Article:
A one-off Anti-Treaty publication produced on a duplicating machine with caricatures of Sir Alfred Cope, Cosgrave, Mulcahy, Walsh, Blythe, Fitzgerald, etc. The drawings are attributed to Constance de Markievicz (1868-1927). The publication includes caricatures of: Séan Ó Muirthile, member of the Supreme Council of the IRB (Irish Republican Brotherhood) 1916, Head and shoulders. Desmond Fitzgerald, (1889-1947), Minister for External Affairs 1922-1927 and Minister for Propaganda outside the cabinet, August 1921. Described as ‘Liar in Chief to Publicity Department. Slave-State’. Head and shoulders, full face. Earnest Blythe: ‘The importance of being Earnest …’. J.J. Walsh: ‘The man of “letters” with the “mailed” fist; Richard Mulcahy: ‘haunted by the dreams of prisoners murdered by his troops’; W.J. Cosgrave: ‘Jester in chief to the Freak State as seen in the Empire’.
Recollections by Fr. Aloysius Travers OFM Cap. of the fighting of Easter Week, the surrender of the rebel forces and subsequent execution of their leaders. He provides an eye-witness account of the executions in Kilmainham Jail most notably that of James Connolly. The typescript copies are incomplete: 17 pp + 11 pp. With an undated typescript copy of ‘Connolly’s death speech’ taken from the 'Gaelic American'.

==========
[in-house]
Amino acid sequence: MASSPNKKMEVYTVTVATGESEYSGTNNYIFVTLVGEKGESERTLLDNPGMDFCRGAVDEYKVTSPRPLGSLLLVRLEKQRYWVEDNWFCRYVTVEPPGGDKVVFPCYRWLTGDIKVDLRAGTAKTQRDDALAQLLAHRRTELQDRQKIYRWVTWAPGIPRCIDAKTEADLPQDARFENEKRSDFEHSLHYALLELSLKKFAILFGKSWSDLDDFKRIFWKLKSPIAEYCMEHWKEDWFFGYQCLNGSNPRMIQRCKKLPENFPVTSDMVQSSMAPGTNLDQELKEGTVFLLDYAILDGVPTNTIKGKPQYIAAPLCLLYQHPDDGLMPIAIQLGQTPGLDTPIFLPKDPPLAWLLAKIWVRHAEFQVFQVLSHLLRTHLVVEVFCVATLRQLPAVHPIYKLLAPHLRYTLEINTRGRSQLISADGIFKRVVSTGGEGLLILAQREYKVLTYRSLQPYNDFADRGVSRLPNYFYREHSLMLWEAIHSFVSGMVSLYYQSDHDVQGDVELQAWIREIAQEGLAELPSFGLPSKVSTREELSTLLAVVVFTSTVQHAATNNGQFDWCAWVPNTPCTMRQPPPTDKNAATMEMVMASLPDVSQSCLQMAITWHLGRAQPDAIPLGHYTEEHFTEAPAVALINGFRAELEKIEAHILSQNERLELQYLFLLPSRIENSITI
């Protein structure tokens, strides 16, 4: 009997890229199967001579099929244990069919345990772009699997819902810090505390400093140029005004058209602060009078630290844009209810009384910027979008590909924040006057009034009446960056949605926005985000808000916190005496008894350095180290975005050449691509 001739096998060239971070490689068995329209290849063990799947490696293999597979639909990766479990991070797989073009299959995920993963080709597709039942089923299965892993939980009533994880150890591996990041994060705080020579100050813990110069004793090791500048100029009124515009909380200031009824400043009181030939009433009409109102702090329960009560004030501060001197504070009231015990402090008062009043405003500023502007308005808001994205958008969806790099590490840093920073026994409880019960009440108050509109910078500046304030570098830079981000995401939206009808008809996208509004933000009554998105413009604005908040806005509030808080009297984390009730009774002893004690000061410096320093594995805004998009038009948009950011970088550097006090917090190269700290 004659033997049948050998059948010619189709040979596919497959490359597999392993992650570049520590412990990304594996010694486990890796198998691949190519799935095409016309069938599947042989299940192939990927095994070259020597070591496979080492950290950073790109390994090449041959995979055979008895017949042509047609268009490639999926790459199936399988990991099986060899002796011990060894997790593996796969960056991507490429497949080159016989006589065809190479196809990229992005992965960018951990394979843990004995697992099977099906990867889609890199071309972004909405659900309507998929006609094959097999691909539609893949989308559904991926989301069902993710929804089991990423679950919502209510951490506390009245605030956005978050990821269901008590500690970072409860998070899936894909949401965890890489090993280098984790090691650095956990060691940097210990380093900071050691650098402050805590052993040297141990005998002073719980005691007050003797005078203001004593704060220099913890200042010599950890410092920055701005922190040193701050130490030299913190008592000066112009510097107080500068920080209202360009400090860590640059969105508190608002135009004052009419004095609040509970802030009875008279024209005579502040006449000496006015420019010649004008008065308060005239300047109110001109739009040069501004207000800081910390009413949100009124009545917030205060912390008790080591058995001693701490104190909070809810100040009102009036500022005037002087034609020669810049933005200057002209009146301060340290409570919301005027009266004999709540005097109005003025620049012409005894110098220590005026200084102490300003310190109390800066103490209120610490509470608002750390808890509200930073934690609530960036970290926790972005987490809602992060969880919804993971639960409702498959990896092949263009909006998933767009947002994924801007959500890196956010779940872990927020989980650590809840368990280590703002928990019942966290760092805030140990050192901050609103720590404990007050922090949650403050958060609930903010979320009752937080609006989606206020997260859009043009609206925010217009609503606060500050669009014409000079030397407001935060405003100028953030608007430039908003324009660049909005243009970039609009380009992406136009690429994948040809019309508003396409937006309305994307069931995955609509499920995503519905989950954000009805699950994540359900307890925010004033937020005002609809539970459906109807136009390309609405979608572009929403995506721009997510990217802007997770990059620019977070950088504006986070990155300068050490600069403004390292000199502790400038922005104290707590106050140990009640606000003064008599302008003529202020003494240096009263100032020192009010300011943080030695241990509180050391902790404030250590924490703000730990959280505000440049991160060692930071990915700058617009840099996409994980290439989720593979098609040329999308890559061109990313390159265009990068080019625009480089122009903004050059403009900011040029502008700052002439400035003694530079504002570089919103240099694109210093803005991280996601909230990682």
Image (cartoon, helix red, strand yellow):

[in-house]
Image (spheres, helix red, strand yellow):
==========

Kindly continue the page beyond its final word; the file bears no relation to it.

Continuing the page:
A record by Fr. Columbus Murphy OFM Cap. of events between 30 April and 4 May 1916. Most of the memoir refers to his interaction with British military officers and his efforts to minister to the rebel leaders prior to their executions in Kilmainham Jail. The memoir begins: ‘I have been asked repeatedly to write out a detailed and connected account of my personal experiences, what I actually saw and did during the Rising. At length I have decided to comply with the request. I do so however not with the intention of ever publishing this report. … As I sit then at my desk here in the silence and solitude of my monastic cell in Dublin, fourteen weeks have elapsed since those eventful days. I take up my pen. …’.
List of approximately 100 names with various annotations. Listed individuals include Arthur Griffith, Sean Connolly, ‘Miss [Grace] Gifford’, Garret Holohan, John O’Mahony and ‘[de] Valera’. Annotations such as ‘K’ and ‘R’, presumably standing for Richmond and Kilmainham, appear beside some of the individuals listed.
Manuscript transcript of song ‘Republicans are We’ to the air of ‘The Soldiers’ Song’. The first verse reads: ‘When bravely we’d fought our land to free Our Tricolour flying o’ar us, The ancient foe for peace did seek, From I.R.A. victorious Our envoys went to London town And there, let our Republic down; But still, till Freedom battle’s won Republicans are We’.
The song uses the refrain ‘Up Plunkett and McGuinness! For I want my four green fields. Joseph McGuinness contested the 1917 South Longford by-election. At that time, he was prison in Lewes, Sussex, for his part in the 1916 Rising.
This record is part of the list of all the missions preached by the Passionist Fathers in St. Patricks Province (Ireland and Scotland), from 1927 up until 1965. It is just an electronic list with no physical counterpart. It has been made available to aid research into the Passionists.
St. Paul of the Cross - Life:- "The Saint of the Crucified, A Little Life Of St. Paul Of The Cross, Founder of the Passionists" by a Passionist Father. Nihil Obstat: Vincentius Grogan, Provincialis: Imprimatur: Gulielmus Bernardus, Episcopus Birminghamensis. Vincent Grogan was Provincial 1881 - 1890 and Bishop Ullathorne, O.S.B., was Bishop of Birmingham 1850 - 1889